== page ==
One day in early September, as a hazy sun came up over Duck, North Carolina, an army stormed the beach. An army of ghost crabs, that is. Hurricane Larry, a Category 3 storm that churned for several days in the open Atlantic before making landfall in Newfoundland, brought powerful waves and storm surge to Duck and other Outer Bank beaches roughly 1,500 miles to the south. And, indirectly, it brought crabs.
"There were tons of crab burrows on the lower beach after the storm," says Britt Raubenheimer, a senior scientist at Woods Hole Oceanographic Institution (WHOI). "Usually, we see holes on the upper beach, and not nearly so many. It seemed strange."
Raubenheimer has been working in Duck with research colleagues from U.S. and international universities and federal agencies on a multi-year field research project across the Outer Banks known as DUNEX. It relies on hundreds of instruments and sensors set up across the beach which collect data before, during, and after major hurricanes like Larry. The idea is, in part, to get a better read on how the ocean affects what happens inland during storms, and vice versa.
"The beach and dunes there act like a sponge that soaks up water from the ocean during big storms," says Raubenheimer. "When this happens, groundwater levels below the dune can rise several feet higher than normal and cause a massive bulge of water that propagates inland."
That bulge, which she likens to a massive underground wave, often leads to flooding along low-lying areas of the Outer Banks. The DUNEX research, she says, can shed light on these processes and ultimately help local communities build resilient strategies to protect their coastline.
Resilience is clearly important for the people who live in a vulnerable, storm-battered area like the Outer Banks. But what about the ghost crabs-those pale, stalk-eyed creatures that came out in droves after the storm? How do they cope after a large storm like Larry?
The ecological impacts can be substantial, Raubenheimer says, particularly on the burrows that crabs hang out in during the day. After two days of intense waves during the hurricane, the upper part of the beach eroded nearly two feet, while a few feet of sand accreted on the lower beach. "Just that amount of sand movement would damage the burrows, not to mention the flow of water in and out of the beach," she says.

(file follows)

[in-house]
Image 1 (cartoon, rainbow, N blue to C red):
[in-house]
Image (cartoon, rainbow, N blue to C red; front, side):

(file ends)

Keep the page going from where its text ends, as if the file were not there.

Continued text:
It turns out, the "ghosties" may have had some serious remodeling to do after Larry. Ghost crab burrows, which can run four feet deep, are typically constructed with wet grains of sand-the crabs use it as a substrate to strengthen the tunnels and help prevent collapse. But when damage occurs, the crabs either build new burrows, or try to find their way back into existing ones and make repairs.
Blaine Griffen, a marine ecologist and professor at Brigham Young University, says that in general, the burrows aren't made to last. "Ghost crab burrows are not like those built by other burrowers that are lined by mucus to provide some 'cementing' power and make the burrows somewhat static," says Griffen. "Rather, they are fairly temporary."
To repair an existing burrow, ghost crabs need to haul clawfuls of sand up through the burrow opening. They toss the sand 12-16 inches away from the opening and then smooth out the surrounding surface. Once their underground homes are in tip-top shape again, they crawl back in until nighttime when they head back out to scavenge.
Home repair, however, likely wasn't the only reason for the crabs' coming out party after the hurricane. Studies have shown that their presence can be heavily influenced by human activity on beaches, which is typically interrupted when the weather turns snotty. Fewer people recreating and less off-road vehicle traffic encourages these sand crabs to reclaim their turf.
Additional nutrients, too, may have brought more crabs to the beach after the hurricane. "A few of my colleagues down here suggested that the burrows may have appeared owing to the extra nutrients in the mixing area during and after the storm," says Raubenheimer. When storm surge washes onto the beach and percolates through the sand, she explains, the seawater can bring higher levels of oxygen and nutrients that mixes with the fresh groundwater below. "This may bring more good stuff through the beach and attract smaller crustaceans that are snacks for the ghosties, similar to how opening an inlet to a stagnant pond can attract a whole new ecosystem across the food chain."
While the mystery of the heightened burrowing activity falls outside the scope of the DUNEX research, it has opened some lines of inquiry that Raubenheimer would like to pursue.
"Every study sparks new questions and new ideas," she says. "A crab hole makes a nice open channel for water to flow into and thru the beach, so if there are lots of crab holes, there may be many more open conduits for ocean water to enter the beach."
This, she says, could further enhance the exchange of nutrients, oxygen, and salinity between the ocean and groundwater, and potentially reduce the offshore-flow of waves, leading to even more sand deposits on the beach after big storms.
The DUNEX research is funded by the U.S. Coastal Research Program (USCRP), the National Science Foundation (NSF), the U.S. Department of Defense (DoD), and the Professional Association of Diving Instructors (PADI).